Read This Book

Hope: A User’s Manual by MaryAnn McKibben Dana

“Love is awful. It’s awful. It’s painful. It’s frightening. It makes you doubt yourself, judge yourself, distance yourself from the other people in your life. It makes you selfish. It makes you creepy, makes you obsessed with your hair, makes you cruel, makes you say and do things you never thought you would do. It’s all any of us want, and it’s hell when we get there. So no wonder it’s something we don’t want to do on our own. I was taught if we’re born with love then life is about choosing the right place to put it. People talk about that a lot, feeling right, when it feels right it’s easy. But I’m not sure that’s true. It takes strength to know what’s right. And love isn’t something that weak people do. Being a romantic takes a hell of a lot of hope. I think what they mean is, when you find somebody that you love, it feels like hope.” Wedding homily by The Hot Priest on Fleabag

It might seem strange to recommend a book and begin by quoting another author’s writing. And yet in these days, strange is the not-so-new normal. A Texas dad was forced to wrestle an alligator on his daughter’s first day of school so that she could safely leave the house. Champion Brewery in Virginia has a new beer (new in 2021) that was created to pair with Duke’s Mayonnaise. (Why?) “Wegner’s” and “crudite” are trending on Twitter. Progressive Democrats are pulling for Conservative Republicans.

Along comes MaryAnn’s consistent wisdom in her new book Hope: A User’s Manual. Who among us couldn’t use more hope?

This is not a perky, look-on-the-bright-side book. This is a devotional book for thinking people who want and need to hash things out for the sake of sanity. Imagine starting the fall season with a group of spiritually shaken friends pondering a way forward together in an uncertain world where white nationalism is picking up speed and What We’ve Always Done/Believed is shifting. This is your book.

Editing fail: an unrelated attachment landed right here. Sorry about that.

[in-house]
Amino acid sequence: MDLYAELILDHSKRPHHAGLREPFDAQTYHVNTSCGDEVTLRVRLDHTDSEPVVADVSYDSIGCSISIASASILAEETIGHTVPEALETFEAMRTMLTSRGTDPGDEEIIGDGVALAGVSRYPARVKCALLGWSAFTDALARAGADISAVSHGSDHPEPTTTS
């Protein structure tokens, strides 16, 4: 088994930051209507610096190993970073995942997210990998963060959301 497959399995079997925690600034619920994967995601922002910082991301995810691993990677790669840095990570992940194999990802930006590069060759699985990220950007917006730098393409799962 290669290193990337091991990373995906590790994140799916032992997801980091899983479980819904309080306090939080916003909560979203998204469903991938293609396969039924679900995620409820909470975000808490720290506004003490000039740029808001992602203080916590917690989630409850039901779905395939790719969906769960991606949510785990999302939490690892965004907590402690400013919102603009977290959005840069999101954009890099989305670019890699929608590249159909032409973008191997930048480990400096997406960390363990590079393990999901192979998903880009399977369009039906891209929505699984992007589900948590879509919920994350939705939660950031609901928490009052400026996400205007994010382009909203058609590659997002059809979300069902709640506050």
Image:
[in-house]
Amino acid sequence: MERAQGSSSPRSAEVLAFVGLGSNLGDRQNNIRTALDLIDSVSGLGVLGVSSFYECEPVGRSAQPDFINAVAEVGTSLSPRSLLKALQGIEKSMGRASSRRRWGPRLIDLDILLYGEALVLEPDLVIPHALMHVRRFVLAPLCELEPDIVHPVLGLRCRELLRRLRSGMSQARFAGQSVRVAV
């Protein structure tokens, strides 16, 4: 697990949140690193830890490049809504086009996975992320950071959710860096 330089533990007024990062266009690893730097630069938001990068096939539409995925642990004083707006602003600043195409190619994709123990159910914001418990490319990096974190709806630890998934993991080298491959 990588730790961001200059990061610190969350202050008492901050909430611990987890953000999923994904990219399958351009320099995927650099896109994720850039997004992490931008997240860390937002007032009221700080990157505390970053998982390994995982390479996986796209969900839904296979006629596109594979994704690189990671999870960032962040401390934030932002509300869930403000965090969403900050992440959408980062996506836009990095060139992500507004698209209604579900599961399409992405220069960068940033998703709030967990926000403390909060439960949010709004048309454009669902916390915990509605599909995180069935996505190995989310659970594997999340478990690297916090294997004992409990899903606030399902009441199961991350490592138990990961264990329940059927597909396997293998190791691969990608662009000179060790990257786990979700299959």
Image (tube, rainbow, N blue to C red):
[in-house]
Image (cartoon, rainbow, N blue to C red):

For those of us who’ve read Moltmann and de la Torres, it’s clarifying. For those of us who feel like “the present is collapsing” around us, it’s encouraging. For those of us who feel stuck, it’s emancipating. For those who feel overwhelmed, it’s permission-giving.

If you’d like to get together for a Zoom group to be blessed by this book together on Wednesday nights in September (5-6 PM Eastern Time) please email me at Hope is indeed about love and we need more of it.

2 responses to “Read This Book

  1. Our pastor is finishing up the summer and heading towards a new season by preaching on hope. He says, “we all need hope to make it through these times.”


  2. It sounds intriguing enough that I expect Amazon is only a few clicks away. I’m thinking that this resonates a bit with something I twigged on from a previous post of yours – the use of “serious” as a modifying adjective for Christian; one that I’m spending much thought with and thinking that it is so appropriate – especially compared to so many others that are overused. And I must add this – the book will no doubt be a find – but I want to know where one goes to learn how to mix the creamer into the coffee like the pic shows!


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